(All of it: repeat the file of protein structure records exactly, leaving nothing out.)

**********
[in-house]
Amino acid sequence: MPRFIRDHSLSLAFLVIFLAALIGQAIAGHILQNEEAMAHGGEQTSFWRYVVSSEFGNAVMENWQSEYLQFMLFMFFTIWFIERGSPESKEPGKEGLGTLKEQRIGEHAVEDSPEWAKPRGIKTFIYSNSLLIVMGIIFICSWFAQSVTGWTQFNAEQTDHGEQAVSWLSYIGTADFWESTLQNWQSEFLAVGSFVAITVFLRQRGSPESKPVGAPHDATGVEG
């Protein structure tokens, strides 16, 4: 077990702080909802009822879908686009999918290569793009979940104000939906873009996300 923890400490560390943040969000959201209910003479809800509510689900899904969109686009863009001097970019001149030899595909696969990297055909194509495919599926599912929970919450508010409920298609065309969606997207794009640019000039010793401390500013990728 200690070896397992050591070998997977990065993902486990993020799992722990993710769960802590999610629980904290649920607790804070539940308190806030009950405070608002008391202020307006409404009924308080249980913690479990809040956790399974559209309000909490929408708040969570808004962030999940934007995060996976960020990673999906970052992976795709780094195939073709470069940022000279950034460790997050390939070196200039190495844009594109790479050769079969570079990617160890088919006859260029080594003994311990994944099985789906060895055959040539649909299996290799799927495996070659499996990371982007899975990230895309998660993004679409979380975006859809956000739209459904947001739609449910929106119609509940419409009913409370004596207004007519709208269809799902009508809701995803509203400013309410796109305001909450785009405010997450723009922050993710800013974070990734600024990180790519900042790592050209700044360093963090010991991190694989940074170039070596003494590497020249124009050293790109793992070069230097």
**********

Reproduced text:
[in-house]
Amino acid sequence: MPRFIRDHSLSLAFLVIFLAALIGQAIAGHILQNEEAMAHGGEQTSFWRYVVSSEFGNAVMENWQSEYLQFMLFMFFTIWFIERGSPESKEPGKEGLGTLKEQRIGEHAVEDSPEWAKPRGIKTFIYSNSLLIVMGIIFICSWFAQSVTGWTQFNAEQTDHGEQAVSWLSYIGTADFWESTLQNWQSEFLAVGSFVAITVFLRQRGSPESKPVGAPHDATGVEG
């Protein structure tokens, strides 16, 4: 077990702080909802009822879908686009999918290569793009979940104000939906873009996300 923890400490560390943040969000959201209910003479809800509510689900899904969109686009863009001097970019001149030899595909696969990297055909194509495919599926599912929970919450508010409920298609065309969606997207794009640019000039010793401390500013990728 200690070896397992050591070998997977990065993902486990993020799992722990993710769960802590999610629980904290649920607790804070539940308190806030009950405070608002008391202020307006409404009924308080249980913690479990809040956790399974559209309000909490929408708040969570808004962030999940934007995060996976960020990673999906970052992976795709780094195939073709470069940022000279950034460790997050390939070196200039190495844009594109790479050769079969570079990617160890088919006859260029080594003994311990994944099985789906060895055959040539649909299996290799799927495996070659499996990371982007899975990230895309998660993004679409979380975006859809956000739209459904947001739609449910929106119609509940419409009913409370004596207004007519709208269809799902009508809701995803509203400013309410796109305001909450785009405010997450723009922050993710800013974070990734600024990180790519900042790592050209700044360093963090010991991190694989940074170039070596003494590497020249124009050293790109793992070069230097």